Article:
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View Diary: Syria: Aleppo under Siege! (35 comments)

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  •  The rebels are apparently using (4+ / 0-)

    the civilian population as human shields.   They went and occupied densely populated areas to protect themselves.   They dont seem to care about the lives of civilians.

    •  I think my grandfather might of done that too. (1+ / 0-)
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      joe from Lowell

      It was a different age then and they lived in the south. When the KKK would come around to harass his family or community, I'm sure he would have armed himself and defended his family. I know I would.

      But from a different perspective, that would have made him an armed combatant using civilians as human shields.

      The whole in your current defense of the Assad regime is that he was already shooting at civilians before anything was being done in their defense. Even now his regime continues shell and bomb communities with no FSA presence. They are being attacked because they oppose his rule, not because they fight back.

      Remember history, Clay Claiborne, Director Vietnam: American Holocaust - narrated by Martin Sheen

      by Clay Claiborne on Sat Aug 04, 2012 at 06:29:21 PM PDT

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      •  The vast majority of the rebels that moved into (0+ / 0-)

        Allepo were not from the city. It appears that some of these rebels attempted to burn a Shia shrine.

        From your NY Times link:
        http://www.nytimes.com/...

         A Sunni shopkeeper in the impoverished suburb of Set Zaynab, which was partly destroyed in the clashes last week, no longer supports the rebellion. “I wanted Assad to go because he is corrupt,” he said. “But what happened here, what they did, it scared me. It made me angry. I cannot support the murder of my neighbors in the name of change. You cannot bring democracy by killing innocent people or by burning the shrines of Shiites. Syrians don’t do that. This is the work of the Wahhabis in Saudi Arabia,” he added, referring to the ultra conservative Sunni sect.

        Repeated attempts by Free Syrian Army fighters to destroy a shrine to Sayyida Zeinab, the granddaughter of the Prophet Muhammad revered by Shiites, have not yet caused the area’s Sunni minority to flee — many Shiites here have refused to blame their Sunni neighbors for the rebels’ crimes.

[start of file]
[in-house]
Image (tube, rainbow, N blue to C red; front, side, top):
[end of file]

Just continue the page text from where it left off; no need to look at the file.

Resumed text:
Over the past week, more than a dozen Syrians — chiefly Alawi and Christian, but also a handful of Sunnis — affirmed to me their determination to pick up arms to defend Assad.

        The seeming indifference of the international community to the worsening condition of Syria’s religious minorities — and the near total absence of censure of the opposition forces by the Western governments arrayed against Assad — is breeding a bitter anti-Americanism among many secular Syrians who see the United States aligning itself with Saudi Arabia, the fount of Wahhabism, against the Arab world’s most resolutely secular state.

    •  The FSA has gone into areas that welcome them. (0+ / 0-)

      Here's report from the ground:

      What the rebels have done is they have moved into two areas of the city - the southwest and northeast - which are largely Sunni poor neighbours where they have been welcomed with open arms. But there are other districts of Aleppo where the Free Syrian Army has not gone. They have not gone into northern Aleppo, which is Kurdish, and they have not gone into the centre of the city - although they are going in and out of the centre of the city, where the community is mixed - and I would imagine they are not going into the Christian areas because although many Christians are discretely supportive of political change in Syria, they have certainly not in any shape or form allied themselves with the uprising...

      They (the regime), of course, have no qualms about communal punishment. As far as they are concerned, where the opposition fighters are is where they're being hosted by communities, and therefore they're all equally culpable, and therefore they're all targets. So you're seeing massive bombardments of civilian regions for the simple reason that the Free Syrian Army has based itself there. Therefore, in the eyes of the regime, they're all complicit.

      So, no.

      Art is the handmaid of human good.

      by joe from Lowell on Sun Aug 05, 2012 at 11:23:53 AM PDT

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